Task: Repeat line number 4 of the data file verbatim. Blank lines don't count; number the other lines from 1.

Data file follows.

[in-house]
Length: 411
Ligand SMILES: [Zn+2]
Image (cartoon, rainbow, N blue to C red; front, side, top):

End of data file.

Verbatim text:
Image (cartoon, rainbow, N blue to C red; front, side, top):